Home>Discussions>KITCHENS>Keeping milled lumber
7 posts / 0 new
Last post
studyingtobehandy
Keeping milled lumber

Looking through the discussion boards I couldn't find a board on woodworking so I thought this would be the best forum for my question. I recently purchased a moderate amount of quarter-sawn oak lumber. I've taken the lumber to a shop to be milled and glued up for some furniture projects. I have a heated garage, but I'm wondering what temp. I should maintain in the garage in order to prevent any damage to the glue-ups.

Debra
Re: Keeping milled lumber

treat it like you would the furniture you plan to build, keep it the temps you keep the house.

JLMCDANIEL
Re: Keeping milled lumber

Temperature is generally not a problem, humidity can be. If you are storing it for a long period of time it should be stickered, stacked, and the ends sealed. this allows air flow on all sides so it drys or picks up moisture evenly. Sealing the ends prevents the ends from drying faster and splitting the wood. If you are planning to use it right away just don't stack it on the concrete.
Jack

studyingtobehandy
Re: Keeping milled lumber

Well, I do plan on starting into the projects right away. It could be a few months before I get started on the last one, and as they say ".....the best of intentions.....". So just be protect the investment I guess sealing the ends would be well worth it. What would you recommend, is straight poly enough? As you know we're having a pretty cold spell here in Ohio the last couple weeks. In the interest of keeping my propane costs down do you see any problems in keeping the lumber in an unheated garage, if the ends are sealed, and the boards are stacked with spacers between them.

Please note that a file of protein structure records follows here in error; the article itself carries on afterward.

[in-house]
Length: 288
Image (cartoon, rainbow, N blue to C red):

JLMCDANIEL
Re: Keeping milled lumber

As I said temperature is not a problem, I store some of mine in an open front shed all year around, some people even store their wood outside with a cover over it. Uneven drying is the problem that's why you sticker it when you stack it to alow air flow all the way around. You seal the ends because they have a tendency to dry out faster that the rest of thewood and that causes spliting. You can seal the ends even with left over paint. By the way, I hope the lumber was dry before you had it milled and glued.
Hope that helps.
Jack

A. Spruce
Re: Keeping milled lumber
JLMCDANIEL wrote:

Uneven drying is the problem that's why you sticker it when you stack it to alow air flow all the way around. You seal the ends because they have a tendency to dry out faster that the rest of thewood and that causes spliting.

Think of a board like a bundle of straws. Along the length, the straws cannot pass moisture very easily, however at the end, you have a series of tubes that allow moisture to flow quite freely, this is why you seal the ends.

The same can be said for gluing, which is why gluing end grain will not work. To successfully glue end grain you either have to mill finger joints in the pieces or use a spline. :)

studyingtobehandy
Re: Keeping milled lumber

I may not know everything, but I do know some things. I think somebody famous said that. Yes the wood was dry prior to being milled; kiln dried actually. I picked up the wood this past weekend and found a major problem. The guy had taken it down to 5/8. Still working out the details on how he is going to "make it right".

Sponsored Stories

TV Listings

Find TV listings for This Old House and Ask This Old House in your area.